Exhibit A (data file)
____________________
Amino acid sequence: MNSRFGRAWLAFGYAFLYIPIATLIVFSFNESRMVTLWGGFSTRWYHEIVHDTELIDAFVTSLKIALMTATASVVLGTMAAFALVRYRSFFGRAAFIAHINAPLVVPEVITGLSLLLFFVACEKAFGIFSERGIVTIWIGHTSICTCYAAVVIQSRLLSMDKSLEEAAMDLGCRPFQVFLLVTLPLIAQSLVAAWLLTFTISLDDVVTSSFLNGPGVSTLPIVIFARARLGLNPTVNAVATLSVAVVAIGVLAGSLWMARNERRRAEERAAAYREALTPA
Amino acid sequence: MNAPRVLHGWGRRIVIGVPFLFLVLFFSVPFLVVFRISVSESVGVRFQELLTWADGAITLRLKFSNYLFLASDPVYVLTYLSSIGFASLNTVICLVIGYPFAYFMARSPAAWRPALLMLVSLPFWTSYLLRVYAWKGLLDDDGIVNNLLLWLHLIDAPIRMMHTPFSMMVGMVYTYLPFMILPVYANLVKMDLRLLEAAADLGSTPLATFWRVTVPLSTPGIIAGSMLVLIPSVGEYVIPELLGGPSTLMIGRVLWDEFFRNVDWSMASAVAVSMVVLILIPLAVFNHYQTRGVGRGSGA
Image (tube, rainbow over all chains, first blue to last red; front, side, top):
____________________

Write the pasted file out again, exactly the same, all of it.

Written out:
Amino acid sequence: MNSRFGRAWLAFGYAFLYIPIATLIVFSFNESRMVTLWGGFSTRWYHEIVHDTELIDAFVTSLKIALMTATASVVLGTMAAFALVRYRSFFGRAAFIAHINAPLVVPEVITGLSLLLFFVACEKAFGIFSERGIVTIWIGHTSICTCYAAVVIQSRLLSMDKSLEEAAMDLGCRPFQVFLLVTLPLIAQSLVAAWLLTFTISLDDVVTSSFLNGPGVSTLPIVIFARARLGLNPTVNAVATLSVAVVAIGVLAGSLWMARNERRRAEERAAAYREALTPA
Amino acid sequence: MNAPRVLHGWGRRIVIGVPFLFLVLFFSVPFLVVFRISVSESVGVRFQELLTWADGAITLRLKFSNYLFLASDPVYVLTYLSSIGFASLNTVICLVIGYPFAYFMARSPAAWRPALLMLVSLPFWTSYLLRVYAWKGLLDDDGIVNNLLLWLHLIDAPIRMMHTPFSMMVGMVYTYLPFMILPVYANLVKMDLRLLEAAADLGSTPLATFWRVTVPLSTPGIIAGSMLVLIPSVGEYVIPELLGGPSTLMIGRVLWDEFFRNVDWSMASAVAVSMVVLILIPLAVFNHYQTRGVGRGSGA
Image (tube, rainbow over all chains, first blue to last red; front, side, top):